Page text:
Chapter

A Temperamental Ménage à Trois: Mead, Bateson, and Fortune and the Trafficking Between Social and Analytical Relations in Ethnography

Tony Crook

in Anthropological Knowledge, Secrecy and Bolivip, Papua New Guinea

Published by British Academy

Published in print September 2007 | ISBN: 9780197264003
Published online February 2012 | e-ISBN: 9780191734151 | DOI: http://dx.doi.org/10.5871/bacad/9780197264003.003.0005

Series: British Academy Postdoctoral Fellowship Monographs

A Temperamental Ménage à Trois: Mead, Bateson, and Fortune and the Trafficking Between Social and Analytical Relations in Ethnography

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This chapter describes the famous occasion when three anthropologists met up on the Sepik River in 1932/3 – and which infamously led to Margaret Mead eventually leaving Reo Fortune for Gregory Bateson. It also looks as much to the anthropologists as to their ethnographies to suggest that a view of one is available in the view of the other. The chapter furthermore presents an interest in how Stocking makes economy of exposition – just ‘one sentence’ – speak so much, and in what he does not need to say; whereas saying it any other way involves a long story to make the same point. Additionally, it intends to use the events instead to look at the commentary and contemporary practices in order to explore continuities in anthropological quasi-scientism sensitivities concerning the proximity between social relations, analytical relations, and ethnography. Mead's art is one of extraordinary clarity, giving hard edges to what it depicts. When the three anthropologists met up in Kankanamun, they did so acting with a number of others in mind. Blackberry Winter recalls as ‘compass points’.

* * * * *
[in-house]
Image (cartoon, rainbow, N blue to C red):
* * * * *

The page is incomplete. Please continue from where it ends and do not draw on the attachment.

Keywords: Margaret Mead; Reo Fortune; Gregory Bateson; ethnography; Sepik River; Blackberry Winter; Kankanamun; Stocking

Chapter.  13967 words.  Illustrated.

Subjects: Anthropology

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